Experts warn of conflicts of interest

Weimer is very well connected in politics and the financial sector. He also worked for many years in management positions at banks, for example as head of the UnicreditSubsidiary Hypo-Vereinsbank or as a partner of Goldman Sachs in investment banking.

For experts, there is no question that he, as a member of the Supervisory Board, is a technical asset for Deutsche Bank. “Even if I do not like to comment on names, but it is an excellent choice !!!”, banking professor Sascha Steffen commented on Twitter. “We see Mr. Weimer’s nomination as fundamentally positive, because he has the necessary industry expertise and a high reputation,” said Vanda Heinen, an analyst specializing in corporate governance at Union Investment. “In order not to be accused of accusing the office, Mr. Weimer should resign from the supervisory board of FC Bayern Munich,” she warned.

Other experts warn that there may be conflicts of interest because Deutsche Bank is a major customer of Deutsche Börse. As head of the stock exchange, Weimer is very interested, for example, that Deutsche Bank will in future process more derivatives transactions in Frankfurt than in London.

“Theodor Weimer is undoubtedly an asset to the Supervisory Board of Deutsche Bank. But as long as he is the head of Deutsche Börse, this is a crystal-clear conflict of interests, ”said Ingo Speich, head of sustainability and corporate governance at Deka Investment, the Handelsblatt. The head of the exchange must be as neutral as possible.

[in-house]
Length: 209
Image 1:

It is unclear whether and how this finding will affect Deka Investment’s voting behavior at the Annual General Meeting. “We are examining whether and what that means for our voting behavior at the Deutsche Bank Annual General Meeting,” said Speich. Deka is one of the top 20 investors in Deutsche Bank.

“The question of a possible conflict of interest should have been clarified in advance with the supervisory authorities so that the Zeltner case does not repeat itself,” said Union Investment expert Heinen. Financial circles say that Deutsche Bank discussed the personnel with the supervisors before the announcement. In addition, the stock exchange is not a direct competitor of Deutsche Bank, so any conflicts of interest can be managed without major problems. A taste would probably still remain with some decisions.

Deutsche Bank has recently had bad experiences with conflicts of interest on the Supervisory Board. Jürg Zeltner, former head of wealth management at UBS, had to say goodbye to the control committee again after a few weeks. The supervisors had put pressure on him because Zeltner worked as a boss and investor at the Luxembourg private banking group KBL for a direct competitor of the Frankfurt money house.

The rumor that Weimer could one day succeed Achleitner has been circulating in Frankfurt for many months. When Weimer was contacted internally at Deutsche Börse, he reacted annoyed. At the annual press conference in February, he said he hadn’t thought about what to do after his contract expired in 2025. “I don’t have that much strategic thinking on my own behalf.”

The top earner receives 13 million euros